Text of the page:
It is difficult to hide one’s tears on a plane.
The flight was Chicago to Los Angeles. My in-flight reading was To End All Wars. Ernest Gordon writes about his three year experience in a Japanese prisoner of war camp during World War II.
I was moved to tears.
Gordon recounts what anyone would expect: awful physical conditions, beatings, executions, undernourishment, disease, and the ever-present desire for hope. Gordon was not a Christian when imprisoned. By his own admission, Gordon’s personal belief mirrored
Matthew Arnold who said we are on earth “as on a darkling plain”, doomed by the processes of nature to begin to die as soon as we are born. 
Gordon’s response? “Isn’t that what we have to face?”
Ernest Gordon had been raised within a naturalistic view of life. Gordon’s sociology was his theology. As he says
“The rapid progress being made in [the sciences] indicated that man could take care of himself and unravel his own dilemma without help from a divine power, no matter how benign. Of such was the real world in which man had been placed by the evolutionary process, as the one creature conscious of what was going on. As he floated down the stream of history, he could know that the current would ultimately land him in Utopia. Many brave worlds were being projected in those days, and mine was one of them.” 
A change of heart began, however, with a simple giving of bread. It seems there were a few Christians in the camp. One believer gave up his meager meal to another prisoner. Gordon tells how the small gift turned into a large transformation:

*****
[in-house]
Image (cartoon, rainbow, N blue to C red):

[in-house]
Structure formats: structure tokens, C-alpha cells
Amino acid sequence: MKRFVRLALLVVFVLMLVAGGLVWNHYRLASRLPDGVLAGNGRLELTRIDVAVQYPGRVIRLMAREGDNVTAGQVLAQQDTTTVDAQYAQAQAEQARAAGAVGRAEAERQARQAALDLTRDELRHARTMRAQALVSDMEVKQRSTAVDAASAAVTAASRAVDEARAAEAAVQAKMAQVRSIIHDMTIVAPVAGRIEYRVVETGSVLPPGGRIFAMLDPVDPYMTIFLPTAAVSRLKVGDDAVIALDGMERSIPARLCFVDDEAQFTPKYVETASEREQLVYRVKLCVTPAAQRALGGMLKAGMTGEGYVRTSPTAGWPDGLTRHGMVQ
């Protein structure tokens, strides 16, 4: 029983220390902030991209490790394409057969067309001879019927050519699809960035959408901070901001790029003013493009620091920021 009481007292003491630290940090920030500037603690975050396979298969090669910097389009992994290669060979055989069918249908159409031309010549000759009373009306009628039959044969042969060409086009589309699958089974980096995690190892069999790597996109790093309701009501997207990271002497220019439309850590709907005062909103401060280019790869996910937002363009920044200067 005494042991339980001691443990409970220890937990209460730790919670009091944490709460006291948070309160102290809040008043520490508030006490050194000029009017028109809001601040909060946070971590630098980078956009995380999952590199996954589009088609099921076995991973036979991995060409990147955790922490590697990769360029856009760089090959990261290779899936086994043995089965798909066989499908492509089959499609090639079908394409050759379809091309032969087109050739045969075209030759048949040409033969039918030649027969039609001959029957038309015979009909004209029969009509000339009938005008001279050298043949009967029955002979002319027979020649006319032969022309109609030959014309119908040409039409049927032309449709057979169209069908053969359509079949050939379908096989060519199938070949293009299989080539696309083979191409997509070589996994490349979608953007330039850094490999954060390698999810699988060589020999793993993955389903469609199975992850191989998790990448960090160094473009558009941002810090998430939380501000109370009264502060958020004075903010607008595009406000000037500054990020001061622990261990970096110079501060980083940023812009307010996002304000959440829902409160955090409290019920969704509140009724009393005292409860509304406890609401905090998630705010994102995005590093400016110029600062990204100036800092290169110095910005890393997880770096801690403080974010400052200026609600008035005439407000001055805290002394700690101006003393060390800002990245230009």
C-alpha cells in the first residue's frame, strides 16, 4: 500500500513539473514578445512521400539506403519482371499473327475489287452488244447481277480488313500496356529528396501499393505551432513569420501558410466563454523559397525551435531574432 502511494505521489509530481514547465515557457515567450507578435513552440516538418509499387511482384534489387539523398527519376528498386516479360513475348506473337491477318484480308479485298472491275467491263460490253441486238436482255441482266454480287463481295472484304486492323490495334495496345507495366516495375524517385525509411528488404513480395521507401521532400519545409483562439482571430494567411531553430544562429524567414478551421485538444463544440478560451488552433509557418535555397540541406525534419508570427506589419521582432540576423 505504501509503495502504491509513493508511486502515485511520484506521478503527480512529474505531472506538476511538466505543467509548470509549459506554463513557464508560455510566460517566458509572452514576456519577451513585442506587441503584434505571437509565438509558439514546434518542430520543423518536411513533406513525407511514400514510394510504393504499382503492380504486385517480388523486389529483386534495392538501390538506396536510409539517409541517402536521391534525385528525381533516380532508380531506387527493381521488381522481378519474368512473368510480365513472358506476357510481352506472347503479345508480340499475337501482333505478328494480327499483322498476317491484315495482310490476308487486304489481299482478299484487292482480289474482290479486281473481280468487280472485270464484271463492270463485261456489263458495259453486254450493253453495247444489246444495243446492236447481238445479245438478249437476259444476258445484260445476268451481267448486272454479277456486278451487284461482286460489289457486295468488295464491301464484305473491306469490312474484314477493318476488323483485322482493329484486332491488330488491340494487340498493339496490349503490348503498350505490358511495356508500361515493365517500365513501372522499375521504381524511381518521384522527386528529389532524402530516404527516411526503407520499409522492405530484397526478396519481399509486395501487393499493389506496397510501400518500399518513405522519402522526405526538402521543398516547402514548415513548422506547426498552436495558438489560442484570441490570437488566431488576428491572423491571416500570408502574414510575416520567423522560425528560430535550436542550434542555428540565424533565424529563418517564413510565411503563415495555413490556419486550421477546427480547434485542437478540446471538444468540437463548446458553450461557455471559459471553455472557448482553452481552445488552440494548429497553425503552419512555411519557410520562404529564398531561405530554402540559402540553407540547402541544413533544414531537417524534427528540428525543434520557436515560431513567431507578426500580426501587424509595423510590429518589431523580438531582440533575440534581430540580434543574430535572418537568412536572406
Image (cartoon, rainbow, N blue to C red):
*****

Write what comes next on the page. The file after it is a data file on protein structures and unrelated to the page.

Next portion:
“Our regeneration, sparked by conspicuous acts of self-sacrifice, had begun . . . It was dawning on us all—officers and other ranks alike—that the law of the jungle is not the law for man. We had seen for ourselves how quickly it could strip most of us of our humanity and reduce us to levels lower than the beasts. We were seeing for ourselves the sharp contrast between the forces that made for life and those that made for death . . . Through our readings and discussions we gradually came to know Jesus. He was one of us. He would understand our problems, because they were the kind of problems he had faced himself.” 
Gordon knows many believe “There’s nothing to life beyond the fact that we are born, we suffer and we die.” He continues
“Most of us were accustomed to such an answer, for it had been stamped indelibly on our subconscious minds by the many conditioning processes of the twentieth century. If I had learned to trust Jesus at all, I had to trust him here. Reason said, “We live to die.” Jesus said, “I am the resurrection and the life.” 
Gordon’s life lesson is exactly reflected in Robert Woodberry’s research. Woodberry’s decade-long work investigated the impact of “conversionary Protestant” 19th century missionaries with the people to whom the gospel message was delivered. Cultural transformation–the health of neighborhoods, cities, nations–begins with a change of heart through faith in Jesus as Savior from sin. 
Living a good life is not enough.
People cannot be “saved” from their circumstances by good works.
Christian theology must drive Christian sociology.
Good works without the saving work of Christ is empty.
Ernest Gordon’s book will bring tears to your eyes.
Mark has written earlier about Gordon in “Ice Axe to the Frozen Sea,” an essay included in his latest book I Just Need Time to Think! Dr. Mark Eckel emphasizes to his students at Capital Seminary, The Master’s Study, and everywhere else he teaches that our theology should drive our sociology.
,  Ernest Gordon, To End All Wars, p. 115.
 Ibid. pp. 103, 105, 107, 117, 119.
 Andrea Palpant Dilley, “The World the Missionaries Made,” Christianity Today, Jan/Feb, 2014, 34-41.